When the food groups listed above are quality items–organic, and ideally biodynamically produced in support of a sustainable permaculture–then therapeutic results increase. A dearth of reports indicate that genetically modified foods are inherently dangerous. Likewise the herbicides, pesticides, and chemical toxins in conventionally grown foods are an insult to our personal and planetary health. Thus we endeavor to promote not only unrefined whole foods but also freshly prepared local organic foods of high quality that provide the best opportunities for vibrant healing experiences.
The purposes of this website are open and limitless. At this point, it mainly showcases the events that represent the teachings of Paul Pitchford, author of the landmark text Healing with Whole Foods: Asian Traditions and Modern Nutrition.
The Asian traditions serve as healing guideposts by themselves. In addition we use them as filters to help determine which aspects of nutritional science make the most sense. For instance, when science announces new study, we often check with ancient traditions to see if the new information is supported by traditional medicine. Normally we present science that has been “proven” many times, over many years. This is because nutritional and health “science” changes regularly, often reversing itself repeatedly until deeper perspectives and connections are seen.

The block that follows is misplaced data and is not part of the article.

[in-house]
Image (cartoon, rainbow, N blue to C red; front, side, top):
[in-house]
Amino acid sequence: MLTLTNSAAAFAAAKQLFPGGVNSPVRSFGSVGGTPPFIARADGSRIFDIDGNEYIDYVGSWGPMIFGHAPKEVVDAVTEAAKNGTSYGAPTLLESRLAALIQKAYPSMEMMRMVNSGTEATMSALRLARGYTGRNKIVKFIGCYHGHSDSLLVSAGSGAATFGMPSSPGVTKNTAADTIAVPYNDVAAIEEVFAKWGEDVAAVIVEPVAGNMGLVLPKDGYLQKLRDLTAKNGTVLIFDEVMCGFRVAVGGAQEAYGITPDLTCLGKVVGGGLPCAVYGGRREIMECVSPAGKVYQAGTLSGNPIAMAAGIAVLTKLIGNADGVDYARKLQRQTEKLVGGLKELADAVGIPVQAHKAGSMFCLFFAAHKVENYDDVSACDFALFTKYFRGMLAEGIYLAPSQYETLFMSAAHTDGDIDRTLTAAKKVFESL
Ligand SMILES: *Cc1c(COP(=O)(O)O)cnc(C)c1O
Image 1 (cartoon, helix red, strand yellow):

Ultimately this website may become a portal for unique and truly useful information referred to throughout this article on the elements of foundational healing, namely, the unity of awareness, activity, and whole foods. On the metaphysical level, we will remain committed to supporting meditation and related practices that brighten the spirit, which in turn, becomes our best guidance toward peace and wisdom.
Paul Pitchford studied and apprenticed with masters of pre-Revolutionary* Traditional Chinese medicine, nutrition, and Tai Ji and Chan (Zen) meditation. His landmark book, Healing with Whole Foods: Asian Traditions and Modern Nutrition (North Atlantic Books, soon to be available in 7 languages, including Chinese), forms the foundation of his unique dietary teachings, which unify Eastern and Western therapies.
His work has become a primary impetus behind the most fundamental, clinically effective and innovative dietary movement today, widely known as “whole foods nutrition.” He sees a universal shift to whole foods nutrition as essential for overcoming ecologic ravages to the Earth as well as quelling pervasive disease and degeneration among her peoples.
Paul has been teaching nutrition in the context of foundational healing for several decades. This approach prioritizes three basic integrative steps in a person’s pathway to enduring health: a) awareness practices, b) mindful movement including yoga, Tai Ji and Qi Gong, and c) nutrition based on regional, unrefined (whole) foods. He receives invitations to teach worldwide and currently resides in the San Francisco Bay Area of California.
*Teachings developed prior to the Chinese Cultural Revolution incorporate an abundance of ancient methods and traditional values.
Courtesy of Healing With Whole Foods.